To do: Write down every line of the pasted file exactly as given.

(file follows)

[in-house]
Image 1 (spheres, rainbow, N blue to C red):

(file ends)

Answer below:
[in-house]
Image 1 (spheres, rainbow, N blue to C red):